Ah, the L.A. Dodgers, a team whose recent woes under the leadership of Frank McCourt resulted in a purchase that rocked the baseball world. In 2011, Forbes estimated the Dodgers to be worth $800 million… more than the average value of a major league baseball team team. Thanks to a TV deal in March 2012, Forbes upped that number to $1.4 billion. One month later, news erupted that Guggenheim Baseball Management, a consortium lead by Magic Johnson, would acquire the team for a whopping $2.15 Bs.

Many questioned the rationale behind this dollar amount, exclaiming the consortium vastly overpaid for a franchise with such a comparatively low net worth. David Carter, executive director of the USC Sports Business Institute, tells Fox Business, that it’s not solely about buying an organization at face value. “It’s purchasing a baseball team that is an anchor that allows you to make money off other revenue-rich opportunities.”

Chief executives that agree with this see the value of a brand. However, many CEOs and CFOs still see marketing and communications as cost line items rather than buttresses that sustain brands and lend book value to companies.

Columbia Business School recently published two studies related to varying perspectives organizations have about the value of marketing. The first, “Accounting for Marketing Activities,” found that part of the problem is internal communications. Experts feel that marketers don’t clearly articulate the impact of their expenditures on bottom lines to finance officers. The second, “Marketing ROI in the Era of Big Data,” adds that there’s a need to develop a better understanding of how marketing creates financial returns for companies. Attributing value to marketing is a common struggle.

Marketing’s role, in its most fundamental form, is to get the word out to the right people through a range of channels. But an integral part of this is communicating a brand’s core message and relevance to its audience, demonstrating value for consumers, which in turn adds value to a company. The foundation of a strong brand is built by delivering on a promise—providing quality and dependable products and/or services. But intangible items like brand persona, experience and reputation have tremendous weight when it comes to actual purchase and loyalty, generating sales and revenue. Much of this process can be attributed to the emotional connection formed between brand and consumer.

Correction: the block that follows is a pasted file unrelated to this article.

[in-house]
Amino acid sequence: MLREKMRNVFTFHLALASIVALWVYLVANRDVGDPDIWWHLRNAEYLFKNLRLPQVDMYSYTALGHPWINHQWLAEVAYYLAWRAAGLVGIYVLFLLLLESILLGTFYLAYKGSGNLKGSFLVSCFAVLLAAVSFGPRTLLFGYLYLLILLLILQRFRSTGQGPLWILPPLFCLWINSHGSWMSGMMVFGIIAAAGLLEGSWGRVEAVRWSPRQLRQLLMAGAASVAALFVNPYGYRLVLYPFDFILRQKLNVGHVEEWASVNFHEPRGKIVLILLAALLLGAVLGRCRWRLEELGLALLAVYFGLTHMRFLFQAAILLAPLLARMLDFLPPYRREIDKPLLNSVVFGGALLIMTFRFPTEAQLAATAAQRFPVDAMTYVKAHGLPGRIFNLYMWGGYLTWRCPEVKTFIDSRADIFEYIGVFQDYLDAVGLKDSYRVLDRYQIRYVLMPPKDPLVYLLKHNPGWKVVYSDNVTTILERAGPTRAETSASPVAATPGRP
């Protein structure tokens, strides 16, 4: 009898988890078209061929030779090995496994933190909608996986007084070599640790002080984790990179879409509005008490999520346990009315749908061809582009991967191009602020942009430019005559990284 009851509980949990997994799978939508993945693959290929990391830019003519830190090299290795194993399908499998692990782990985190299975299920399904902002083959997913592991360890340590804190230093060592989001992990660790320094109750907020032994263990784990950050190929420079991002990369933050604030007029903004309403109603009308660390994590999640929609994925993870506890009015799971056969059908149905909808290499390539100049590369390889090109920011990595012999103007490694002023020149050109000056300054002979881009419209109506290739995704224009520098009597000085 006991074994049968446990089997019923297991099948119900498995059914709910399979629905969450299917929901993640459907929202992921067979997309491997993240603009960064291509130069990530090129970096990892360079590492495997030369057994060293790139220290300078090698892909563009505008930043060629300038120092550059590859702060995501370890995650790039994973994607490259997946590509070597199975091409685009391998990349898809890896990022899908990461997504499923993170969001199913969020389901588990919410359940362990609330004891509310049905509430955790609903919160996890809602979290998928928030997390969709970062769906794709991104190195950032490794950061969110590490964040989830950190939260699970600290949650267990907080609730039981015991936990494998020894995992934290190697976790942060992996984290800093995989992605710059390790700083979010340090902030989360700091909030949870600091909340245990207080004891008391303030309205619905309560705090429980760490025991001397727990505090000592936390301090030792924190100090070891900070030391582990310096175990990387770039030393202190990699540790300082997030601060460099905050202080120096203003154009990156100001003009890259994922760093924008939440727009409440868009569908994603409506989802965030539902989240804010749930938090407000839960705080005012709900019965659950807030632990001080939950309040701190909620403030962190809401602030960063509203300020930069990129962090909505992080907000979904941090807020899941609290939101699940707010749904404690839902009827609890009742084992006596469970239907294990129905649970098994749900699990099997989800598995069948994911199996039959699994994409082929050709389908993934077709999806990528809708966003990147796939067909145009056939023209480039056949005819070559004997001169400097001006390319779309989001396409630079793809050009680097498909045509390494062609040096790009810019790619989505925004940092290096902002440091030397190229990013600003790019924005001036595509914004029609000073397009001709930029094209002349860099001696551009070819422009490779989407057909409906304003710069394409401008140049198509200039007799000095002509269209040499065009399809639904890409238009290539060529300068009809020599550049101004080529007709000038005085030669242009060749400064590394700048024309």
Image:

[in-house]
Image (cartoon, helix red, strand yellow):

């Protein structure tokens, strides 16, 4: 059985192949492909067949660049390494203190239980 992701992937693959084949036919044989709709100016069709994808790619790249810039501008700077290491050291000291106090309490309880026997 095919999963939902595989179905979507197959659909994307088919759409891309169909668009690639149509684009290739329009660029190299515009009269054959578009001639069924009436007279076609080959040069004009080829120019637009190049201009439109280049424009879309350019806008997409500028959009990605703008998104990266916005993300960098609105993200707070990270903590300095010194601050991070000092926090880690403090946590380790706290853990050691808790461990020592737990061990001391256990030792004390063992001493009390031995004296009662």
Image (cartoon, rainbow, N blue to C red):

Developing meaningful relationships with a brand’s audience is a vital part of path-to-purchase, advocacy, financial growth and longevity. Humanizing brands leverages such relationships. In addition to products and services, they offer distinct images, feelings, experiences, thoughts and perceptions creating differentiated value in the mind of its audience. In fact, a brand is, in essence, an extension of one’s self. Consumers are more apt to buy products from a particular brand that reflects their personality and aligns with their interests and personal values, subsequently raising the net worth of a brand.

Apply this notion to the Dodgers. Another factor contributing to the high-priced offer is that they’re… the L.A. Dodgers, a well-known brand that officially acquired its name over 70 years ago. There’s history behind these “boys of summer,” a term that’s not only in a Don Henley song, but the title of a book based on this very team. More than ticket sales, sponsorship, and TV deals, the bid amount stemmed from relationships with devoted fans and the iconic value of the Dodgers brand in and of itself.

Drink Coke Vintage Ad

Click to enlarge

Another prime example is Coca-Cola. In CNBC’s documentary, “Coca-Cola: The Real Story Behind the Real Thing,” Donald R. Keough, former president of Coca-Cola, discussed the implications of its 1985 debacle, the launch of the now-defunct “New Coke.” He received a tearful call from a stranger, an elderly woman. She was heartbroken by the reformulation of its trademark beverage. Interestingly enough, she hadn’t sipped the soda since the 1940s, and therefore not tasted this new iteration. However, the Coca-Cola brand held memories for her, ones that she strongly associated with her childhood. She told Keough that they were playing with her youth. When Coca-Cola decided to lay the original Coke to rest, it took a piece of her past with it.